Blaxland High Taking Native Crops to the Dinner Table

Western Sydney University student and native garden consultant Anastasia Vickers (left) with Blaxland High School students

Anastasia Vickers, a Ngadjuri Woman, Western Sydney University student and native garden consultant (left) with Blaxland High School students Reggie (middle) and Izzy (right) who helped plant some of the native species.

Story and photos by Ben Skinner

Led by First Nations students and community, Blaxland High School has established a native food garden and students are using crops grown in the garden as ingredients in food technology classes. The school received injections of expertise from many quarters, including an Aboriginal-owned social enterprise, to learn about and embrace the use of native plants for cooking and sustainability.


Key Points:

  • Blaxland High has introduced a native food garden on the school grounds.
  • The ingredients from the crops are used in food technology classes.
  • It took a collaborative effort from the school, consultants such as Anastasia Vickers from Western Sydney University, Food Futures and EM-power Foundation to make this happen.

Only a stone’s throw from the food tech classrooms at Blaxland High, a collection of native plants are ready to pick. Students harvest the traditional ingredients and add them to their dishes. It doesn’t get any fresher than that!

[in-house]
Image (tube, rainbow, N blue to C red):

The native food garden program was embraced by school principal Emma Le Marquand and supervised by Anastasia Vickers, a student at Western Sydney University who is completing an Advanced Bachelor of Food Science. With assistance from Aboriginal-owned social enterprise Bush to Bowl and Food Futures Company, dozens of native species were planted in various locations around the school. 

One of the areas where the native crops were planted within the school, using previously under-utilised garden beds.

Over 30 students were involved in planting on the day in March 2024, with local Aboriginal elders in attendance.

Signs providing information about the native plants were made by the school’s industrial technology department and guided by First Nations Food Companion, a book by Damien Coulthard and Rebecca Sullivan.